SHOW ARCHIVE

Episode 463 • March 3, 2018

VIDEO ARCHIVE

Welcome to the start of our 13th season of Garden Time! We are glad to be back from our annual winter break. Each year the winter break seems to go by faster and faster. This year we are greeted by snow in the lowlands and gardens that are mud pits. Still, we are just a few weeks away from SPRING! Soon we will be in our gardens again and not long after that we will be enjoying the heat of summer. Can’t wait!

A few housekeeping things before the show. The shows are on the same three TV stations as last year. In Portland, the station has changed its name from "PDX-TV" to "FOX 12 Plus", the channel is the same though. Also, some times have changed on the repeats of our program in Salem. Please check your TV listings for the correct times (we also have them on our website).

The Garden Time tour is getting close to being full! You may remember that we are going to London, Paris and Belgium this August. It is a gardener’s bucket list tour! We are down to our last four or five seats. If you would like to join us please click on the ‘Tours’ link on our website.

And finally, some of you may have not received the current issue of the Garden Time magazine for March, which went out on the first of this month. We have noticed a large amount of ‘bouncebacks’. These are addresses that cannot be delivered to by the company who handles our delivery. We are trying to get to the bottom of the problem with our email server representative. If you want a copy of the current issue you can get it here, http://www.gardentime.tv/gto/1803/GTDM-1803.pdf. Thanks for your patience and we hope to have the problems ironed out soon! You can also find back issues on our magazine page.

In the meantime, let’s get ready for spring!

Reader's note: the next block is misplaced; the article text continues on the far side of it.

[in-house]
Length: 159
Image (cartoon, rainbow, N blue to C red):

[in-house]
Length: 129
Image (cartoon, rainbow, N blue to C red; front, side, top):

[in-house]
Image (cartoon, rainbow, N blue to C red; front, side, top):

This week we featured...

Hybrid Tea Rose Pruning

Hybrid Tea Rose Pruning

Rose pruning time is here. Yes, we know that it is really cold and that snow is still falling around our area on certain days, but if you look you will see new growth starting on your old canes and so now is the time to really do some cutting so your plants will give you the best blooms in just a few months. We took a trip up to the International Rose Test Garden at Washington Park to talk to rose curator Rachel Burlington about how they cut the hundreds of roses in the garden. Most people will tell you that you need to cut your roses by the middle of February, usually around Presidents Day, but you can put off the cutting until mid-March if necessary. In the past we have had experts tell you to cut to an outside bud and to clean out the center of the plant to help with airflow, but at the Rose Garden they just cut back all the stems to the same height. They cut away all the small canes, anything smaller than a pencil and they leave the rest. The feeling is that if you have more canes, you have more flowers! In fact some studies have shown that this type of pruning is actually about the same for the health of your plant as the old style of cutting. It is hard to argue with the wonderful display of blooms that they get up at the garden during the spring and summer! The only thing that we recommend not doing this time of year is fertilizing. You’ll want to wait until mid- April to do that.